Category: Verbos

No se me da…

The verb dar is a power verb and one of the first that Spanish students learn. In its most basic form it translates as “to give,” as in the sentence Yo le doy a la manzana a mi madre. As with any hyper-used verb, however, it carries a seemingly endless array of meanings. While this […]

Llevar – Part II

Last post, we examined some of the most common uses of the Spanish verb llevar. Today we’ll dig a little deeper and discover what other things we can say with this versatile little word. We’ll start first with one of its most common meanings, which is somewhat related to the concept of “carrying something” we saw last time. In this […]

Llevar

Today I thought I’d start a short series on the power verb llevar. As this word crops up over 100 times in the 250+ pages of notes I took while living in Mexico, I feel that it deserves special examination. Llevar gets a lot of mileage in the Spanish language and one might llevarse un buen susto by […]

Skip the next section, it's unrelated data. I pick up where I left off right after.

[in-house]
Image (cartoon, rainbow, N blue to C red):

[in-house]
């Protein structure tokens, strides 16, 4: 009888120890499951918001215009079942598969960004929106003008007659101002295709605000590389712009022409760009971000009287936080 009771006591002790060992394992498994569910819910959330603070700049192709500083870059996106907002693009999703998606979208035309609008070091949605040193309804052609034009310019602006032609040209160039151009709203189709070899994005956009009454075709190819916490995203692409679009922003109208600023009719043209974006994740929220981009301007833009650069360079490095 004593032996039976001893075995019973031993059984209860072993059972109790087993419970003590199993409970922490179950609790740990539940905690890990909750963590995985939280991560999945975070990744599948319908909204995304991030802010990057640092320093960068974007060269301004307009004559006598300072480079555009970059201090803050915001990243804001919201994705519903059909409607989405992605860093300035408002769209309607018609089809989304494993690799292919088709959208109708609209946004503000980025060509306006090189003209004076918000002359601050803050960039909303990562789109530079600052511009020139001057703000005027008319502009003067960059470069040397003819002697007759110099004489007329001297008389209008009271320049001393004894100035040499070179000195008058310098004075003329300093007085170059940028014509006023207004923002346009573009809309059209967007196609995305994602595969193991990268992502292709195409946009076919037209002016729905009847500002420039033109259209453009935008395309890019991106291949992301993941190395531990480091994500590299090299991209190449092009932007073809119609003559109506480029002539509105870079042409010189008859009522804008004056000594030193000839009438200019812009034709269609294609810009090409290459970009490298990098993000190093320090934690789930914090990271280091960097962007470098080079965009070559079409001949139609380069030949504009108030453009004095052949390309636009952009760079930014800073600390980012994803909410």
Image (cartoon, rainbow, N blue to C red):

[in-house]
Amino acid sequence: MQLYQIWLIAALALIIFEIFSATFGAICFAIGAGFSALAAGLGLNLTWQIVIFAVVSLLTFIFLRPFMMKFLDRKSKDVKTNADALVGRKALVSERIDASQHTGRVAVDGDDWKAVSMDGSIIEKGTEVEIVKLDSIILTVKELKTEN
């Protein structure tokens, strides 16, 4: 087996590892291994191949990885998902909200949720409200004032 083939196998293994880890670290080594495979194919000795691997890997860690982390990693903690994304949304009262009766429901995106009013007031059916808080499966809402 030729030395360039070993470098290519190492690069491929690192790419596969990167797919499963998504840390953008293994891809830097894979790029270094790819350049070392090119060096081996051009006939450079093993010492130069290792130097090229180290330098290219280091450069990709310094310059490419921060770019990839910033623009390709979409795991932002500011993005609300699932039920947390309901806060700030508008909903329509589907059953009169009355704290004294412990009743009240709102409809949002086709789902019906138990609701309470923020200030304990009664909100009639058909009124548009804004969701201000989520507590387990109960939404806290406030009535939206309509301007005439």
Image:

Manifestar

Today we’ll explore the nuances of the relatively common verb manifestar, another Spanish word which gets more use than its English equivalent. Although manifestar is a true cognate for the verb “to manifest”, better translations include “to express”, “to exhibit” or “to appear.” Its reflexive form, manifestarse, can also mean “to appear”, “to declare” or even “to protest.” Let’s take each definition […]

Instalar

Learning vocabulary in Spanish is often a breeze. After all, English and Spanish share thousands of words in common, thanks to the influence of Latin on both languages. That said, words with similar meanings rarely have identical meanings, and one of the challenging parts of mastering the language is understanding all the nuances behind cognates […]

That pesky “se”

One of the most challenging aspects of Spanish can be spelled with two letters: “se”. This pesky little word seems to crop up in almost every other sentence and has innumerable meanings. I thought I’d dedicate this article and the next to some of its most common uses… 1) “Sé” of saber: We’ll start with this one […]

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